At midnight I pulled myself awake, only to find Max perched at the window in my bedroom, gazing solicitously at me. "Look, there are people out on the bike trail letting off fireworks," he said, "want me to bring a pot for you to bang, Mum? I'll help you." "No, thanks," I said. It sounded entirely too strenuous. Then he said to me "My New Year's resolution is to be kinder to everyone. What's yours?" "I don't know," I replied, "maybe to never have another allergic reaction ever again?" But inside I told myself that I would try to remember that the sullen, rude shadow rearing up now and then in Max is just that, an occasional grouch. I have one of those inside me too. And I don't see myself stewing too much about mine, so why stew about Max's, I thought. We smiled at each other across the darkness, and he hugged me, then we each looked out into the night. We could hear people shouting and banging pots, we could see fireworks arching out into the sky. We could hear the twins shrieking and laughing out on the front porch with their dad. We could hear car horns honking. I felt glad for this moment, because it reminded me that those destructive grouchy parent/child moments are transitory. They don't last forever, even if I do tend to hang on to them. And when all is said and done Max will be there, like he always is, a nice, goofy, witty, funny, kid.

"Happy New Year's, Max," I said.
"Happy New Year's, Mum," he said.

Happy New Year's, everyone.

8 comments:

Subspace Beacon said...

I spent New Year's Eve hugging a 70 lb Rottweiler who is traumatized by fire crackers. Sooooooooo glamourous, yes?

A while back you asked about my email address street sign. I made it here: http://www.imagechef.com/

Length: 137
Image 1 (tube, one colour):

nicolaknits said...

Yuk, sorry to hear that your new year's eve celebrations were curtailed. Hope you're better now. Happy new year to you.

JoVE said...

Great insights. Sorry you were feeling so crappy, though. could be worse. A friend has just discovered tat her kid is allergic to cold. Yep, we live in Ottawa and her kid breaks out in hives from cold. Oy vey.

shaun said...

Aw, what a great ending to a sad story. I totally missed NYEve from illness myself -- though oddly I also woke up at midnight for a little while.

BTW, JOve et al., we also have friends who just learned that their daughter (but not her twin brother) has a literal allergic reaction to cold. Minnesota is not a great place for that!

Happy New Year -- here's to health!

Vivian said...

I'm so sorry about the hives. Never pleasant. Unfortunately, I'm an expert on hives. What works over here is Benadryl, shower (just in case any residue of offending product is on skin) and hydrocortisone ointment. I hate taking medicine, too, but this gets the hives down quick.

Glad Max was there to help you usher in the New Year.

Wishing you and your family wonderful adventures this year!

Andrea said...

Happy New Year and as the seasoned mother of teens (even one who is 22)I can tell you that it all works out in the end! (some more quickly than others...hehe)

Christine said...

Lovely post. It's interesting to me because my 9,8, and 5 year olds threw homemade confetti and banged pots and pans at midnight on New Year's Eve, and I wondered to my husband how many years more would my oldest be content with such a tame celebration at home. Happy 2009, and I hope you are feeing better!

this is my patch said...

I am so behind on blogging, but have just popped over to wish you and your family a great New Year. x